If You Love Children, You Should Love these Medicaid/CHIP Policy Changes in 2024

Before the new year slips from memory, I wanted to take stock of a few good things happening for kids covered by Medicaid and CHIP this year. Amidst all the dismal news about how nearly 4 million children have lost their coverage during the unwinding – many remain eligible but lost coverage due to red tape and administrative barriers – there are positive policy changes to love in 2024.

12-Month and Multi-Year Continuous Eligibility for Children

At the top of our list of 2024 policy changes to love is 12-month continuous eligibility for all children in Medicaid and CHIP. No longer does the peace of mind that your child is covered for a full year depend on where you live or whether your kids are covered in Medicaid or CHIP. No longer will a temporary loss of income or an unexpected expense (like a major car repair) result in disenrollment for nonpayment of premium. Once a child is enrolled, they remain eligible unless they move out of state or request voluntary disenrollment.

What we love even more is that a dozen states are now in various phases of seeking approval and implementing multi-year continuous eligibility with Oregon and Washington state leading the way. Most multi-year initiatives focus on young children (0-6 or 0-3) during the formative years of development; however, Illinois is also seeking 2-year continuous eligibility for all children, while Oregon will provide 2-year continuous eligibility to children and youth ages 6-18.

Phasing In Coverage for all Former Foster Youth to Age 26

One of the most popular provisions of the Affordable Care Act (ACA) – allowing young adults to stay on their parent’s health plan until age 26 – would neglect a vulnerable group were it not for another ACA provision extending Medicaid to former foster youth. Unlike other young adults, youth transitioning out of the foster care system do not have families to fall back on. The ACA protects these youth by allowing them to retain Medicaid until age 26, a pivotal time as they transition to adulthood and independence.

Like other aspects of the ACA’s expansion of coverage, the former foster youth group became effective on January 1, 2014. While the intent of the law is clear and the provision seems straightforward, the way the law was constructed has posed certain implementation barriers. In the 2018 SUPPORT Act, Congress made a technical correction to fix the statutory language, but the fix phases in by age and the issue will not be completely resolved until 2030. However, states have the option to seek Section 1115 waiver authority to align coverage for all former foster youth regardless of the state in which they were in foster care when they aged out. Accelerating alignment of eligibility for all former foster youth provides critical access to services as these youth, who often have higher health care needs than their peers, become young adults. What really warms our heart is that a quarter of states already cover all former foster youth as Minnesota has proposed in a recent amendment to its 1115 waiver.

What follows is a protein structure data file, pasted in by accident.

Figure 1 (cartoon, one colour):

Mandatory Reporting of All Quality Measures in the Child Core Set

At CCF, we love data and there are few things to love more about Medicaid than transparency and accountability. 2024 marks the first year states will be required to report the full set of all of the Child Core Set of Health Care Quality Measures, as well as the Behavioral Health Measures in the Adult Core Set and all of the measures in the Health Home Core Set. In the proposed mandatory reporting rules, CMS suggested that the Secretary had discretion to determine a subset of core measures that would be mandatory. However, in the final regulations, CMS agreed with CCF and other stakeholders that, by statute, all states are subject to mandatory reporting of all core measures. In December, CMS also released additional guidance on mandatory reporting of the core sets. This reporting and transparency requirement will allow fair comparisons of states and will hopefully lead to improved performance.

While voluntary reporting on child core measures has improved over time with at least 45 states reporting 15 measures of the 25 core measures in 2022. However, only two measures that are calculated by CMS on behalf of states – live births weighing less than 2,500 grams and low risk cesarean delivery – are reported for all states. Look for publication of mandatory core measures in the fall of 2025, after states report on the 2024 core set based generally on calendar year 2023 utilization data by December 31, 2024.

As we celebrate these policy gains, we are excited to see how Medicaid continues to improve child health in 2024 as states work to improve access to care, advance school-based health services, and address the social needs of families that are so critical to overall health and wellbeing.

[Editor’s Note – State reporting on child core set measures can be found on CCF’s state data hub here.]

Tricia Brooks is a Research Professor at the Center for Children and Families (CCF), part of the McCourt School of Public Policy at Georgetown University.